Gravel Bike California has been excited to venture into Gold County and exploring around Yankee Jims and the Auburn State Recreation Area is a proper start.
When you think about the early pathways built into the Northern California Sierras, a lot of them had to do with the explosion of mining in the mid 1800s.
Nearly a couple of centuries later, time can romanticize that period as we hear mostly about the stories of success rather than failure and displacement, but this short and sturdy thirty mile loop brought a lot more insight to that history.
We stopped off before the ride into Auburn for the Victory Velo Bike Shop, hosts of the annual Tour de Placer Roubaix gravel event for confirming that a late afternoon summer start was going to be a battle against the heat.
The town itself is a great focal point for the Sierra Foothills, not only preserving and thriving from its Gold Rush history, but also its ties to all the adventuring from all their accessible trails, including the landmark Western States 100 Endurance Run.
While we could have added dirt out of Auburn, since Yankee Jims was the target we started a little north out of a small town named Weimar to cut the milage and avoid the heat.
After a couple miles of rollers, it was easy to locate the turnoff to Yankee Jims Road that kept a very steady grade even transferring from pavement to dirt.
The descent is in good condition and slightly bumpy, but deceptive in presentation as primarily the dense green forest suggests that you’re high in elevation while the majority of the ride you hover around 2,000 feet above sea level.
I was more fixated in locating some of the smaller mines which were out of sight, but illustrated how widespread the search for gold was.
The heat slightly waned as we neared our first crossing of the American River’s North Fork over the historic 1930 Yankee Jims Bridge.
While structurally it is in great shape, be cautious making your way on the siding as the dirt assists how slippery it is.
The climb out you can do at a good tempo averaging 6% at just under five miles which more importantly is mostly shaded with a cooling waterfall near the bottom.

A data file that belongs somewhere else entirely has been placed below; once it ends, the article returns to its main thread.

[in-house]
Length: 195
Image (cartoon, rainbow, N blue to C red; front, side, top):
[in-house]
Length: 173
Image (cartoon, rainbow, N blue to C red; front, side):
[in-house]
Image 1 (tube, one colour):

You clearly will recognize when you come up on the former mining area of Yankee Jims even though there aren’t many structures to note it.
The landscape is noticeably more moon like and the trees shorter and sparse making you recognize the vast amount space taken for operations for just one camp.
At the intersection of Spring Valley Rd, you’re offered a shortcut for the second phase of the ride if not a history lesson with a couple of historical markers.
We decided to continue along Yankee Jims road which added to the climbing (albeit paved) taking us straight into the town of Foresthill.
While it doesn’t have as large of a footprint as Auburn, there’s enough to ask questions like why is the main strip double wide?
Even with a few miles of downhill out of town, it was smart to stop at one of the local gas stations to refuel with water.
The right turn onto Ponderosa Way is the last direction of the day as you’re about to hit the most difficult part of the ride.
While it’s shorter distance wise making it down to the river, that comes with a much steeper grade and a bumpy surface that’ll slow your progress.
You might be fearful of the signs that say bridge closed (which is actually directed towards vehicles), you should have a greater concern with the climb out.
After briefly following the river, the hairpin turn signals the start of the toughest effort of the day covering 2.2 miles at around 10%.
It’s not just the numbers that get you, but the direct exposure to sunlight and few hints where you’ll actually end up.
The finish is thankfully shaded and paved as you return through rural Weimar thinking to yourself, “that was only thirty miles?”
Gold Country has a lot to offer for graveling, but the riding within all this historical context makes it extra special.